Don’t judge a book by its cover. Sure, we all have heard the saying, but how often to we live by this idea? If I’m being completely honest, whenever I’m at a bookstore I usually pick up a book to see if it will be interesting by its cover. I don’t judge the book by this merit, I still read the first few pages before committing to a purchase, but the art is what gets my interest to begin with.
Games fall victim to this mentality to an even higher degree. The case art/steam splash screen art has to first grab my attention, and then the art style of the trailer and screenshots have to help seal the deal. Video games are a time investment, one where the user is agreeing to spend hours in the creators’ world. If they are going to give their time and money to look at something, then it needs to be pretty enough to look at. I’m not going to claim that the art is the only factor, or even that it is the most important, but it is a huge contributor to sales.
I bought Braid for its art style. Maybe that’s a stupid thing to admit, but it’s true. It looked amazing, and thankfully, buying into its charming, good looks paid off. The style of Samurai Gunn, not the art exactly, but the style, was a reason I bought it as well. I loved the fact that combat paused for half a second to highlight a kill in thrilling black bar format. Art and style, when done well, can eek out that advantage a game needs when going to market.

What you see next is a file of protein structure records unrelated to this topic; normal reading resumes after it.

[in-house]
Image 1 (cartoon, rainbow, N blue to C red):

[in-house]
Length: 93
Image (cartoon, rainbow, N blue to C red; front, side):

This applies to all games though. If you don’t think Borderlands gained attention because of cell-shading and epic character introductions, you’re dead wrong. When people pine over its personality they’re usually referring to the pitch perfect art direction.
Child of Light is on my wish list because of its awe inspiring art. Jazzpunk pretty much launched from it. And on the opposite end of the spectrum, games can kill themselves by relying on their previous successes. Do I want Hotline Miami 2? Absolutely. Am I as excited to get it as I was the first one? Nope.
Call of Duty, Assassin’s Creed, Gears of War, and Battlefield are all dying slow deaths by being caught in a drench of much-of-the-sameness. Guitar Hero and Rock Band fell into this trap. Same game, different title. I understand the appeal of a sequel, but it does not mean that they cannot grow and their art styles mature. Honestly, what would be wrong with an Assassin’s Creed that glitches and takes place in a dream/nightmare? Gears of War could find a jungle every now and then.
It was a brilliant joke when Gearbox announced its artist discovered a new color they were calling “green”, but it was entirely deserved for the face of gaming as a whole at the time.
So what games have you bought for their art style? What new styles would you like to see? What about mashups of established games with imaginative art styles? Let us know in the comments.